I went into Tag crossing my fingers that it would be as fun of a ride as it looked like and it was even BETTER than I imagined. I left the theater in awe of how funny it was. Before I even dive into it, let me just say this: if you love R-rated comedies a la Wedding Crashers, Old School, Superbad, etc., go see this movie! It’s the first one in quite some time where the laughs never stop coming.
The plot is pretty simple: five childhood friends have played tag for the entire month of May every year for the past 30 years. It has kept them in touch even as they’ve grown older and all moved to different cities. They literally will fly to the cities where the others live to get them in the most random of places when they least expect it. As Hoagie (Ed Helms) says, “We don’t stop playing because we grow old. We grow old because we stop playing.” It’s a great motto that I think a lot of adults need to hear sometimes. There’s no reason to lose all of the child in you when you “grow up”, and Tag does a fantastic job reminding us of this.
The film begins with Hoagie going undercover as a janitor at a company owned by Bob Callahan (Jon Hamm), so he can tag Bob and then tell him that Jerry (Jeremy Renner) is retiring from the game after this May. Jerry’s never been tagged, so this is their last change to finally tag him. Jerry is getting married so Hoagie pitches that it will be the perfect time to catch Jerry off guard and get him. Hoagie happens to tell Bob all this while he is being interviewed by Rebecca Crosby (Annabelle Wallis) from the Wall Street Journal. She’s incredibly intrigued by this tag story, and she wants to come along as she thinks this is the angle her story needs.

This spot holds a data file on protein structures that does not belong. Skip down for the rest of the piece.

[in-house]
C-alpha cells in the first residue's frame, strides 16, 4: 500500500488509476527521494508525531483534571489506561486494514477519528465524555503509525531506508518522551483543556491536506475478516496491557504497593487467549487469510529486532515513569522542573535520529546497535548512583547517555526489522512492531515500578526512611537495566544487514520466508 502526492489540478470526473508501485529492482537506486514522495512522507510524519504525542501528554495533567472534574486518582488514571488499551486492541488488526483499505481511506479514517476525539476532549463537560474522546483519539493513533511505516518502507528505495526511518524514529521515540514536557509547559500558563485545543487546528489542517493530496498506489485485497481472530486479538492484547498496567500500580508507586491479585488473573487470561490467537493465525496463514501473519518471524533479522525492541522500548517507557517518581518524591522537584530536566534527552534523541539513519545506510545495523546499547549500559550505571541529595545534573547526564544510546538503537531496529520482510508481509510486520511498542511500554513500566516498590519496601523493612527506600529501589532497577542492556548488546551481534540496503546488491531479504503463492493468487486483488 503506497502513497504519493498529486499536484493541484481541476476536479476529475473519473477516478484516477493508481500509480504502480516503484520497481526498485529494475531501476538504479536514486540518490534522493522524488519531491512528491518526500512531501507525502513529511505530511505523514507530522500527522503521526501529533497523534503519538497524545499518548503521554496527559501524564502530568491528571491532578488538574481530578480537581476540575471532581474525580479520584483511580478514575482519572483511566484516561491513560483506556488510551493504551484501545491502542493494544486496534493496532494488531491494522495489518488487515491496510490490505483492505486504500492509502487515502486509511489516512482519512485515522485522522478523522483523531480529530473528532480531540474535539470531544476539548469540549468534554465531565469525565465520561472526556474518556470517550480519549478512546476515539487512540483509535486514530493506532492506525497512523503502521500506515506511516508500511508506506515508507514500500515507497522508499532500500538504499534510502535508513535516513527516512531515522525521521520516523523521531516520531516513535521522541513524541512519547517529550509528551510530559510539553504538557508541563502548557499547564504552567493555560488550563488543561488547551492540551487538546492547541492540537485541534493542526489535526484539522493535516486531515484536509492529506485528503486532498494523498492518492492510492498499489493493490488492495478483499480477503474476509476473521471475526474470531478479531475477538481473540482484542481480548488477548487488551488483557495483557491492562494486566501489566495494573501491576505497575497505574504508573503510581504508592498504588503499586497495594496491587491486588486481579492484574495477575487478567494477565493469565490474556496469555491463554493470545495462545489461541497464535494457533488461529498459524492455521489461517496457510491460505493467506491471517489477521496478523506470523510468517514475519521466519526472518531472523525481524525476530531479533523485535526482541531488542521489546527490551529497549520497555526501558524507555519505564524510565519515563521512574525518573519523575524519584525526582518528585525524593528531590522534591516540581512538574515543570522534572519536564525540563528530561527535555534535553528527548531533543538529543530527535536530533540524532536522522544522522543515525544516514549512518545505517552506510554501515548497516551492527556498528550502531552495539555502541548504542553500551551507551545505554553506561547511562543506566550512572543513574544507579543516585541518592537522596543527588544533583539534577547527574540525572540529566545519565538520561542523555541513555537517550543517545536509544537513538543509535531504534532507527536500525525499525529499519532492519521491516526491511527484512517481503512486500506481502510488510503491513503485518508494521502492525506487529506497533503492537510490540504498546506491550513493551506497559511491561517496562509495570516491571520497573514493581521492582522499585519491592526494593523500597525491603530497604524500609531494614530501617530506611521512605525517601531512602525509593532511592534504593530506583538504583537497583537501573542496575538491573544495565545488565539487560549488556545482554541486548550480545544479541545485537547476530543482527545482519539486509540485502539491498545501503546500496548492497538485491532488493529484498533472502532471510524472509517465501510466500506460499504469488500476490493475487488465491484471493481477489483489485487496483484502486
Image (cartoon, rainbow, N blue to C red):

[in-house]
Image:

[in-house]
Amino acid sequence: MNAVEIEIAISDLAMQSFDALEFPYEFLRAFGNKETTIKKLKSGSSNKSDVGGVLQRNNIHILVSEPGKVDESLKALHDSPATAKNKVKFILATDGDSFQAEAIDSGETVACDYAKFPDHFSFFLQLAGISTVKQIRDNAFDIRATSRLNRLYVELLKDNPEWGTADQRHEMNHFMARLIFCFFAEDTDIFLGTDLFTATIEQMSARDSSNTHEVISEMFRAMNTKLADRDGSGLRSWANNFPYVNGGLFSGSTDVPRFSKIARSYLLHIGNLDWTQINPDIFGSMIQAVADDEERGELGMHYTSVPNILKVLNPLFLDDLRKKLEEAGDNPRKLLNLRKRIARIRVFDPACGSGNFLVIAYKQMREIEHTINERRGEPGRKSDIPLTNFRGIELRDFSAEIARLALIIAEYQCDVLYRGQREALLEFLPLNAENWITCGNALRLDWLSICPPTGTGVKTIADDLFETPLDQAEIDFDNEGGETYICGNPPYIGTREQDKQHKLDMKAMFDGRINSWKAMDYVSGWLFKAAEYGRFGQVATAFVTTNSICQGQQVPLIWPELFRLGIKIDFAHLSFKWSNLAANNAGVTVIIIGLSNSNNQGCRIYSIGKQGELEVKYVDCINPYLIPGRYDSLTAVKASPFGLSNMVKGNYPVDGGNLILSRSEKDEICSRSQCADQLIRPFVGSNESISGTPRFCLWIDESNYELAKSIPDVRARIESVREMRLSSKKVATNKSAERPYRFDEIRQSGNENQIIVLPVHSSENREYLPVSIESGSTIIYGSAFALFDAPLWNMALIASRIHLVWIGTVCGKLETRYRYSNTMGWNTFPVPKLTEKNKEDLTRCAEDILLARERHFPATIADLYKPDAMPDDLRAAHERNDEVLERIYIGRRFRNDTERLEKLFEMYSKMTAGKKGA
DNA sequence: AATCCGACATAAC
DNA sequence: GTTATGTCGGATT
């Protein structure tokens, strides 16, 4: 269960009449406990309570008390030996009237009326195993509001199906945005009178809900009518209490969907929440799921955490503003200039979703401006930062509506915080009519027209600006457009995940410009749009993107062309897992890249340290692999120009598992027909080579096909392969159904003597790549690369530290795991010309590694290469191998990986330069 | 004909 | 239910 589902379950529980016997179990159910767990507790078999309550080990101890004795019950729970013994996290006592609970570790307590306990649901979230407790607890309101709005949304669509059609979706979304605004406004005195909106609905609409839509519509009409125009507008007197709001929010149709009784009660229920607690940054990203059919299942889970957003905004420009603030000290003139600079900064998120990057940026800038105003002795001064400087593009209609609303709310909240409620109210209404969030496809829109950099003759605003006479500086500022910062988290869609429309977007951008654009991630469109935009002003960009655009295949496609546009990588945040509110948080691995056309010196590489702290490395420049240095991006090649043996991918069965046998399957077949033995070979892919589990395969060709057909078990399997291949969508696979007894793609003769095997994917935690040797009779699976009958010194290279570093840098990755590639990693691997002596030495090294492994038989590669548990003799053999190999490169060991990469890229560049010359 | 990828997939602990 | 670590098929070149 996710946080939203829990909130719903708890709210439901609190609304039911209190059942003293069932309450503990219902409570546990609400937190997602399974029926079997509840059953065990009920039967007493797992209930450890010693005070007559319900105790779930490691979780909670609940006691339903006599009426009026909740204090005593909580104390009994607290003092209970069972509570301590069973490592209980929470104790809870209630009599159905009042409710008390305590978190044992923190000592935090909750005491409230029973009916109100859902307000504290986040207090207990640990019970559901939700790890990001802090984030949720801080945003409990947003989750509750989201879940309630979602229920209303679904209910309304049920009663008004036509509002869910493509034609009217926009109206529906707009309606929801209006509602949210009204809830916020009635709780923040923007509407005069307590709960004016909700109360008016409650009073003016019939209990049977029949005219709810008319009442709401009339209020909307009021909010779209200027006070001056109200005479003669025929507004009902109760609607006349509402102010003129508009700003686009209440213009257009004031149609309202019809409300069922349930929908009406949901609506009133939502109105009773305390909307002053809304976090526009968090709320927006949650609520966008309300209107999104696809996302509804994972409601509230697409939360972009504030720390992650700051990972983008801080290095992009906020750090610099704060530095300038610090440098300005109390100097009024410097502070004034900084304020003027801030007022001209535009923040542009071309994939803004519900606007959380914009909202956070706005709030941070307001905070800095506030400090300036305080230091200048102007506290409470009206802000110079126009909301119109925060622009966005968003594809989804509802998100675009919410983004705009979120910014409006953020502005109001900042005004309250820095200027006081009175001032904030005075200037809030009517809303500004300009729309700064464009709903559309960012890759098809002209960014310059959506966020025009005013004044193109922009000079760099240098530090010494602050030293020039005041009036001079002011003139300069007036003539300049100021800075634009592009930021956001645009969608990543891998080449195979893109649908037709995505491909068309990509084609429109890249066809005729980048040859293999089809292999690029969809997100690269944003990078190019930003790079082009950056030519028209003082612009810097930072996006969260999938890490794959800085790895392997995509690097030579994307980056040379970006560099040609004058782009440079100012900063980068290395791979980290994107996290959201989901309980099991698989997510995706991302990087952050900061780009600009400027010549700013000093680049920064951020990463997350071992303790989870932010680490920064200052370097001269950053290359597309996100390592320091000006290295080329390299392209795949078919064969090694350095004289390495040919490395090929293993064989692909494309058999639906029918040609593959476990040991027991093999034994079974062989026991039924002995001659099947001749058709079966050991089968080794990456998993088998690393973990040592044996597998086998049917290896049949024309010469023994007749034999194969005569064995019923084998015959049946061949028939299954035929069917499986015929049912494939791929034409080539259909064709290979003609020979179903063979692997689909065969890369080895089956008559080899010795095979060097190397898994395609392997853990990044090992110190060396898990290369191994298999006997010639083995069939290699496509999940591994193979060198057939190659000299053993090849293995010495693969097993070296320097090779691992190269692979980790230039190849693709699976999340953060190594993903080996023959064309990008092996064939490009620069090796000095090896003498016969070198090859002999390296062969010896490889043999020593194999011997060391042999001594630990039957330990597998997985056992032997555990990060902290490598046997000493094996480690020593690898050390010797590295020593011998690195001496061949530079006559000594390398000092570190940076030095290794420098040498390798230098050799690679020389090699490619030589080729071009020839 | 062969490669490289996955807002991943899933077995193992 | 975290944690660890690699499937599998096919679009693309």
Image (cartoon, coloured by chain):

Along with Hoagie’s intense wife Anna (Isla Fisher), they go pick up other friends Chilli (Jake Johnson) and Sable (Hannibal Buress) before all heading up to their hometown of Spokane, Washington to try and tag Jerry. Jerry is incredible at evading tags and is extreme to the point of near insanity. Everyone in the cast has a different personality, all of which are hilarious. The film goes in plenty of fun directions, with small roles for Rashida Jones and Thomas Middleditch along the way.
Hannibal Buress steals the show as the calm yet very out there Sable, with Jake Johnson taking a close second as stoner Chilli. The entire cast does a great job. The film is original, it’s hysterical, it makes you feel good, and it’s surprisingly based on a true story of childhood friends who really play this game every year.
Wrapping this up, Tag is the comedy I’ve been waiting quite a while for. It has nonstop laughs, great characters, an original plot, and a lot of heart too. It truly impressed me in a way no comedy has in years, and I highly recommend anyone who wants to have a fun time at the movie theater go see it. My friends and I immediately started playing a game of tag outside the theater once the movie ended…I dare you to not do the same. It’ll be hard to resist.